6 Reasons that travel can make you more employable
Final exams are coming to an end – or have already ended if you’re lucky enough! – and so many of you may be wondering “what shall I do with my newfound freedom?”
Travelling and seeing a new part of the world can be a great next step, whether that means embarking on an internship abroad, working or volunteering with an international organisation or just sight-seeing!
“But what about the employment gap in my CV?” Having ‘time off’ from further education or professional employment worries many people and this is understandable, taking a diversion from your chosen career path is scary! However, what many people fail to understand is that regardless of the career you’d love or the industry want to break into, travel can provide invaluable experience and opportunities to develop new and existing skillsets that can actually make you more employable than those who stay at home.
Read on for 6 reasons why travel can enhance your employability.
You’ve managed your finances, you’ve planned what you’ll be doing and you’ve got yourself from A to B… and survived! Not only do you need some serious organisational skills for this but clearly you’ve gained some independence! Employers appreciate someone who can demonstrate independence and self-reliance; they want someone who can take responsibility for themselves and manage their own workload. Taking the plunge and going abroad to work/volunteer/study proves that you haven’t just gone through the motions of education and employment, but taken the initiative to pursue your own interests!
2. Confidence and Interpersonal Skills
It goes without saying, if you go abroad it’s likely that you’re going to meet a LOT of new people. Even if you’re shy to begin with, being frequently exposed to new people, in new situations whilst abroad is going to really enhance your interpersonal skills and you’re guaranteed to come back with more confidence. These skills are essential for winning over potential employers. After bonding with a range of people from all different walks of life, cultures and nationalities, talking about yourself in an hour-long interview back home will be a doddle!
3. Cultural Awareness
You may be surprised how often this one comes up in job applications! Many, if not most organisations now operate on an international scale. Employers want to take on people who are sensitive to different cultures and ways of life, people who can see things from another’s perspective, regardless of their origin or background. What better way to prove this than being immersed in another culture in its place of origin? Imagine being able to say “I lived and worked in Kigali amongst survivors of the Rwandan Genocide” when an interviewer asks if you are ‘culturally aware’. The stories you share can really make you stand out from the crowd!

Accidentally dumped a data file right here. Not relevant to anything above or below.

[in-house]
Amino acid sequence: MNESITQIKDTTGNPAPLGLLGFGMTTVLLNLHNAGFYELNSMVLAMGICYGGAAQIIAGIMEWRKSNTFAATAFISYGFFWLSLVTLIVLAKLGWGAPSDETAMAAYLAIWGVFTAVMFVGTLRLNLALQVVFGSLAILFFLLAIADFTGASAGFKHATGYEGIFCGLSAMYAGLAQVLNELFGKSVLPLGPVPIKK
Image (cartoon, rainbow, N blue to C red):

4. Learning a language
Travel is a great opportunity to not only learn a new language, but to also put it into practice. Being able to demonstrate to employers that you’ve learnt another language not only shows commitment but also that you can communicate with a wider network of people, a skill that can really set you apart from other candidates in a crowded job market. Why not head to South America and perfect your Spanish whilst caring for rescued monkeys? Or top up your GCSE French in one of the many Francophone countries in Africa? Don’t worry though, you’re not expected to come back from your month in Malawi fluent in Chichewa: learning the basics and communicating with the locals as best you can is enough to prove that you have the communication skills most employers are after.
Regardless of how organised you are, it is inevitable that things won’t always go to plan when travelling! Your adaptability and resourcefulness in how you deal with these setbacks provides proof of your problem solving skills and ability to cope with challenging situations, both very attractive abilities to have when returning home and applying for jobs. Thinking outside the box is an excellent skill which employers really do value. Plus, if nothing else, these stressful situations faced when travelling make the basis for great self-motivating pep-talks: “If I got through navigating South America with no Spanish* and no money, I can get through this 20 minute presentation!”
*See reason 5 and learn that language!
Volunteering whilst travelling demonstrates to employers that you weren’t just looking for a good time on your travels, but that you’re hard-working, committed, and that you’re not afraid to get your hands dirty and really get stuck in to a task. All these are traits that can really set you apart from other applicants in a competitive field. If you’re thinking of volunteering abroad have a look at our previous article ‘5 questions to ask when choosing a volunteering programme abroad’ to help you make the right decision.
These are just a few of many reasons why travel can make you more employable but it’s not just about impressing potential employers. Whether it’s for a couple of weeks, a month or a year, travelling abroad and taking the plunge into an unknown culture is an amazing experience that can really give you confidence in your own abilities and totally change your perspective on your current way of life.
If you can think of any additional reasons why travel can make you more (or less) employable we’d love to hear, join the discussion in the comments section below.
You may also be interested in…